Healthy, plant-rich diets help lower the risk of early death, new study confirms
Studies have generally focused on the life-promoting benefits of individual foods or food component.
(ONLINE) - Growing evidence confirms that dietary choices are key to maintaining health. Research increasingly indicates that unhealthy eating habits can lead to early, preventable deaths.
Until now, though, studies have generally focused on the life-promoting benefits of individual foods or food components.
Researchers at the Harvard T.H. Chan School of Public Health in Boston, MA, recently led a study to see how long-term eating patterns affect mortality risks.
These experts assessed adherence to diets that align with the current Dietary Guidelines for Americans, 2020-2025Trusted Source (DGAs). They then compared the results with other health data collected over 36 years from more than 100,000 people in two long-term national studies.
Corresponding author Dr. Frank Hu, Fredrick J. Stare professor of nutrition and epidemiology, and chair of the Department of Nutrition notes that “[t]he Dietary Guidelines for Americans are intended to provide science-based dietary advice that promotes good health and reduces major chronic diseases.”
“Thus, it is critical to examine the associations between DGAs-recommended dietary patterns and long-term health outcomes, especially mortality,” he adds.
The study findings appear in JAMA Internal Medicine.
The study methods
The Harvard researchers analyzed and combined results from the Nurses’ Health Study (NHS) and the Health Professionals Follow-up Study (HPFS).
The NHS, which began in 1976, tracked the health data of female nurses aged 30 to 55 years at baseline. The HPFS, which began in 1986, followed male health professionals aged 40-75.
Dr. Hu and his colleagues defined the baselines as 1984 for the NHS and 1986 for the HPFS, when questionnaires provided enough information to form dietary indices.
Their current work used data compiled from 75,230 NHS participants and 44,085 HPFS participants. All the individuals were free of cardiovascular disease or cancer when the study began.
At the baseline and every 2 to 4 years, the participants completed food frequency questionnaires (FFQs) covering over 130 food items every 2 to 4 years.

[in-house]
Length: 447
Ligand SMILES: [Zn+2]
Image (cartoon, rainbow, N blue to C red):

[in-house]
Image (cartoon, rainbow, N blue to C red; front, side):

They also updated information regarding age, weight, body mass index (BMI), physical activity, smoking status, multivitamin use, menopausal status, and diagnosis of chronic diseases.
In the NHS, participants identified as Hispanic, non-Hispanic Black, non-Hispanic white, and “other.” The HPFS did not collect this information.
Comparing healthy diets
The researchers scored the data based on four dietary pattern indexes: Healthy Eating Index 2015 (HEI-2015), Alternate Mediterranean Diet (AMED), Healthful Plant-based Diet Index (HPDI), and Alternate Healthy Eating Index (AHEI).
All these diets share high consumption of vegetables, fruits, whole grains, nuts, and legumes. Some include animal-based foods while others eliminate them.
Higher scores on the indexes indicated greater compliance with the corresponding diet.
The study’s conclusions
Higher scores on at least one of the indexes also correlated with a reduced risk of premature death from all causes, and from cancer, cardiovascular disease, and respiratory diseases.
In the NHS and HPFS study populations, people with higher dietary scores were more likely to be older, nonsmokers, and more physically active. They also had a lower BMI.
Food choices and cancer
Kate Cohen, who was not involved in the present research, is a registered dietitian at the Ellison Clinic at St. John’s Health Center in Santa Monica, CA.
In an interview with Medical News Today, Cohen explained how diet can impact cancer development, saying: “We know that about half to two-thirds of cancers can be avoided through diet and lifestyle changes including staying at a healthy weight, increasing fruits and vegetables, limiting alcohol, and increasing dietary fiber.”
MNT also spoke about these findings with Dr. Monique Gary, a breast surgeon and the Medical Director of the Grand View Health/Penn Cancer Network cancer program. Dr. Gary was not involved in the study.
The oncologist shared that “[t]hese findings reinforce what we tell patients in oncology: that diet and lifestyle modification support all phases of cancer care and decrease [the] risk of recurrence and mortality.”